John Andrews

If I undertook to write about partisan politics for dummies, I’d immediately have your attention. Many people think that’s all partisan politics is for. It’s everyone’s favorite punching bag.

But I’ll argue that partisan politics is forever with us and a good thing, so we may disagree. At least if we avoid capital letters, there’s no trademark rub with the popular “For Dummies” book series. Anyone cover a cut with a generic bandaid or xerox on an off-brand copier, after all.

So I come to praise partisan politics, not to bury them. If that sounds crazy or wrong, it doesn’t make you a dummy in the sense of low IQ. But it may do so in the sense of that book series – someone who just never got up to speed on a subject. Politically, I dare you to do it now. Really you can’t afford not to.

Several straws in the April wind bring this up. Harris Kenny of the libertarian Reason Foundation tells The Denver Post that for him and other young voters, “the future is nonpartisan.” Jason Salzman of the progressive Bigmedia.org complains in the Huffington Post that partisan Republicans (me included) “overwhelm” Democrats as voices in the Denver media.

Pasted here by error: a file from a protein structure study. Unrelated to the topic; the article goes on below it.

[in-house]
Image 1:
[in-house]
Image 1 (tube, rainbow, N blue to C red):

Petitioners set out to make the Colorado secretary of state’s office nonpartisan after Democratic chairman Rick Palacio brands the GOP incumbent, Scott Gessler, as shockingly partisan. Some Republicans brand their state chairman, Ryan Call, as a liberal after he appeals for cooler rhetoric and fewer charges of “RINO” (Republican in name only) or “establishment.”

Meanwhile the new super-PACs overshadow the old parties as Romney takes on Obama. The waters are further roiled by such well-funded upstarts as the No Labels effort, targeting Congress, and the Americans Elect movement, promising a bipartisan presidential ticket with one maverick from each party.

Never mind that this led to a train wreck with Thomas Jefferson and Aaron Burr after the deadlocked election of 1800, necessitating a constitutional amendment. Our transpartisan dreamers missed that in school, which is typical of these earnest folks. Sam Cooke’s “Don’t know much about history” could be their national anthem.

History teaches ten reasons why partisan politics is fortunately here to stay: (1) Power corrupts; human beings tend to lie, cheat, steal, and overreach. (2) Parties check each other’s stewardship of power and fulfillment of promises.


John Andrews

John Andrews is former president of the Colorado Senate and the author of "Responsibility Reborn: A Citizen's Guide to the Next American Century"